The Yurok Tribe, located in Northern California adjacent to the Redwood National Park, has been awarded federal funds to perform a feasibility study to determine whether a transit system could be used in Redwood National Park.
The $120,000 comes from the Paul S. Sarbanes Transit Grant in Parks Program, founded to enhance the protection of national parks and federal lands and increase visitors' enjoyment.
In April, the Federal Transit Administration (FTA) announced $24.8 million in federal funding for national parks, forests and wildlife refuges. Twenty states re-ceived funds from the program to implement public transportation within their facilities.
To receive the funding, the Yurok Tribe responded to a solicitation for proposals in 2008.
Javier Kinney, transportation manager, Yurok Tribe, said that currently, the tribe is planning to begin the feasibility study within the year.
The Yurok tribe will collaborate with the Redwood National Park to explore viable methods of ground transportation linking the ancestral territory of the Yurok Tribe to the Park.
"We have the full support of the Red-wood National Park," said Kinney. "The Yurok Tribe as well as the Park are excited about this opportunity to take on this planning, which will hopefully lay out some of the essential strategies as well as some of the needs in the region."
The transportation options on the Yurok Reservation are limited: the Yurok Tribal Transit System consists of one small passenger bus that runs along a route on the eastern side of the Reservation and links to Klamath Trinity Non-Emergency Transit System, Redwood Coach Transit and the Humboldt Area Transit Authority.
"What we're trying to address in the feasibility study is all aspects of the new alternative transit in the parks and other public lands, including motorized and non-motorized transit: bus, traditional canoes, maybe a trolley," explained Kinney.
The study will not only look at viable transportation — which currently is non-existent - in the Redwood National Park, but will also examine ways of coordinating the various existing services available, he added. "We're trying to build on the limited infrastructure and the need that we have, but we're reaching out in other aspects as well," Kinney said.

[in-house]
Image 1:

Another aspect of the feasibility study is creating the river transit taxi system, utilizing the tribe's traditional mode of transportation along the Klamath River, which runs through the Yurok Reservation and ancestral territory and traverses the Redwood National Park.
Given that the Park sees a significant number of domestic and international visitors every year, the Yurok Tribe works to ensure that individuals from other countries visiting their land get an indigenous perspective. They also work closely with the neighboring tribes to that end, Kinney said.
"One of the principles the Yurok Tribe has always operated on is [educating] individuals about the Yurok people...As indigenous people from the region, we want to make sure that perspective is translated throughout alternative transit systems," Kinney said.
The grant will also be supported by work from Joseph L. James, transportation planner, Yurok Tribe.
The tribe was also recently the first in California to be awarded the National Scenic Byways Planning Grant and is a FTA tribal transit grant awardee.